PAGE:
Speaker 1  16:18  
You can't start too early, right? I mean, this is if you're pre FDA, you got to get the right team in place. I mean, you guys articulate all these different work streams, I mean, the Gantt chart, I'm picturing the Gantt chart in my mind. And the players, and who's going to do it, who's going to review it, who's the accountability and who's been through it before. So UK got a plan, practice early. And if you're going to run that marathon, you can't just strap on a pair of shoes, your converse, you got to have trainers and nutrition and you got to run eight miles and 10 miles and you got to have some training partners all the other things. I

Cody Simmons  16:51  
will just jump in I'd say more an Iron Man than a I'm thinking they're metaphors for like the swim is product development. The run is a is the kind of cleaner I get into the FCA. And then And then oh, now you have a marathon to run. That's the reimbursement. Yeah. So if you just keep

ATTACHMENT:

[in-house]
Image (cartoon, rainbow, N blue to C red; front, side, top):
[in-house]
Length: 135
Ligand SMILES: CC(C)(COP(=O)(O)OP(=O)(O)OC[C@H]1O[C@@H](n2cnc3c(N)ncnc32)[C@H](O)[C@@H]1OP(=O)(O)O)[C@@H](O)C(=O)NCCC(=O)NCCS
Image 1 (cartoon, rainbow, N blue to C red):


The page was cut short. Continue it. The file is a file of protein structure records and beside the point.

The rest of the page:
Pierre Lemire  17:12  
moving, keep moving the end. Oh,

Cody Simmons  17:13  
yeah, by the way, it was a half Ironman, nevermind. Mid mid race? Yeah. Still not enough. I think that's a anyway. Yeah. Good metaphor. I tried to build on it a bit.

Tonya Dowd  17:23  
No, no, that's, that's great. We're, I know, we've touched on reimbursement a lot. But what are some other other items that are that are really imperative to plan for that commercialization? QMs, systems? Staff, you know, fractional management teams, when do you move from a kind of an r&d phase in a team to a real commercial commercial? Team? Yeah.

Speaker 1  17:47